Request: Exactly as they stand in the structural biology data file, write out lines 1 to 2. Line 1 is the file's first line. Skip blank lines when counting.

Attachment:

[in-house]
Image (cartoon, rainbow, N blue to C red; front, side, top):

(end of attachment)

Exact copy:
[in-house]
Image (cartoon, rainbow, N blue to C red; front, side, top):